Innocence, Loss, and Recovery in the Art of Joan Didion
The art of Joan Didion compels us to consider one essential question: What is the moral significance of our nation's mythic and historic quest for paradise in American culture today? The author's relentless exploration of this frontier leads through the wasteland of despair and chaos that she sees in modern America. Didion's steady gaze at the disorder provides her with the themes she needs for the stories she tells. Her stories are «Western» stories: they are about America's moral wilderness; her protagonists are women who pioneer their way through this territory and find the inner resources they need to survive the experience of their modern-day lives. Didion's achievement as a writer lies in her ability to use biblical images to tell her story of the wilderness. This technique challenges the reader to seek out not only the meaning of our individual experience, but also the significance of the American community poised between its original vision of order and purpose and its contemporary condition of breakdown and failure. Yet, Didion's bleak version of this frontier story is not without hope.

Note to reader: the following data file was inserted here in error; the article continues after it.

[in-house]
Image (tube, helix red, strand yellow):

Loris, Michelle Carbone. Innocence, Loss and Recovery in the Art of Joan Didion. New York: P. Lang, 1989. Print.